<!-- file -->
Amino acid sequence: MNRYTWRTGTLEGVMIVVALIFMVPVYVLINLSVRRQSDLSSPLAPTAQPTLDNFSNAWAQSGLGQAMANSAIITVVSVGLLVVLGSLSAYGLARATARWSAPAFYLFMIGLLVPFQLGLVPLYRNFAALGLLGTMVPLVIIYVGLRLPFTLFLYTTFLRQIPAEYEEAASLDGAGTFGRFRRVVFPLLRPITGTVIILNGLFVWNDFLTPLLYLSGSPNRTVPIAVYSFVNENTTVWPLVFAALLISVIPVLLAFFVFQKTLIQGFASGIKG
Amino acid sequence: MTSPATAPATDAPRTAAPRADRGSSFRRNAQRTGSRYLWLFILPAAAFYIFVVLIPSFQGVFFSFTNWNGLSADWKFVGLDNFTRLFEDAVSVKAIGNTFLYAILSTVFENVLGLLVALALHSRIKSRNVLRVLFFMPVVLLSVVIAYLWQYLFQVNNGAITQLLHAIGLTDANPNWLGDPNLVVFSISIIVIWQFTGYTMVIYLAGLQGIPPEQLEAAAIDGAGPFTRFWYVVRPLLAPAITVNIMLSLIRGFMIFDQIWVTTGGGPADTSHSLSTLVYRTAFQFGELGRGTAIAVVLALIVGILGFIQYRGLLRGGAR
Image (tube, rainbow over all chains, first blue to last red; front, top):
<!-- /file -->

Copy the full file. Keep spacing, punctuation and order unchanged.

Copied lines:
Amino acid sequence: MNRYTWRTGTLEGVMIVVALIFMVPVYVLINLSVRRQSDLSSPLAPTAQPTLDNFSNAWAQSGLGQAMANSAIITVVSVGLLVVLGSLSAYGLARATARWSAPAFYLFMIGLLVPFQLGLVPLYRNFAALGLLGTMVPLVIIYVGLRLPFTLFLYTTFLRQIPAEYEEAASLDGAGTFGRFRRVVFPLLRPITGTVIILNGLFVWNDFLTPLLYLSGSPNRTVPIAVYSFVNENTTVWPLVFAALLISVIPVLLAFFVFQKTLIQGFASGIKG
Amino acid sequence: MTSPATAPATDAPRTAAPRADRGSSFRRNAQRTGSRYLWLFILPAAAFYIFVVLIPSFQGVFFSFTNWNGLSADWKFVGLDNFTRLFEDAVSVKAIGNTFLYAILSTVFENVLGLLVALALHSRIKSRNVLRVLFFMPVVLLSVVIAYLWQYLFQVNNGAITQLLHAIGLTDANPNWLGDPNLVVFSISIIVIWQFTGYTMVIYLAGLQGIPPEQLEAAAIDGAGPFTRFWYVVRPLLAPAITVNIMLSLIRGFMIFDQIWVTTGGGPADTSHSLSTLVYRTAFQFGELGRGTAIAVVLALIVGILGFIQYRGLLRGGAR
Image (tube, rainbow over all chains, first blue to last red; front, top):